Renal failure and acute interstitial nephritis associated with NSAIDs

Lisa Ho, Andy K.H. Lim, Francine Tanner

Research output: Contribution to journalArticleResearchpeer-review

2 Citations (Scopus)


Background: Non-steroidal anti-inflammatory drugs (NSAIDs) are a recognised cause of acute interstitial nephritis. Some NSAIDs are freely available as over-the-counter preparations. There are potential serious consequences with prolonged unsupervised self-medication with NSAIDs. Aim: To describe two cases of renal failure involving over-the-counter use of NSAIDs, with a focus on interstitial nephritis. Clinical features: Both patients obtained over-the-counter NSAIDs and self-medicated without supervision. One patient was taking ibuprofen for chronic pain and subsequently started taking diclofenac, as recommended by his chiropractor. The second patient started taking ibuprofen for severe, unrelenting pain. The aetiology of the pain was not diagnosed prior to admission. Both patients presented with systemic symptoms and renal failure. Acute interstitial nephritis was proven on biopsy and the suspected offending NSAIDs were ceased in both cases. In both cases renal function improved after cessation of NSAIDs. Conclusion: Primary care pharmacists should inform patients of the potential adverse effects of NSAIDs and advise them to seek a diagnosis for their pain if prolonged use is contemplated.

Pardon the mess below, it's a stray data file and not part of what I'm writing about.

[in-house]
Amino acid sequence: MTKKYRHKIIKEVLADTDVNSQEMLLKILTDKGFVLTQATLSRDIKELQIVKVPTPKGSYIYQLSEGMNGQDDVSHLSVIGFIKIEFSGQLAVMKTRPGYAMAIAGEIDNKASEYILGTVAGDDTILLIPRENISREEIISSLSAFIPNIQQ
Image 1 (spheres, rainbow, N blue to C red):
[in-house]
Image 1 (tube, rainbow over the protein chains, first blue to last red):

Original languageEnglish
Pages (from-to)219-221
Number of pages3
JournalJournal of Pharmacy Practice and Research
Issue number3
Publication statusPublished - Sep 2005
Externally publishedYes

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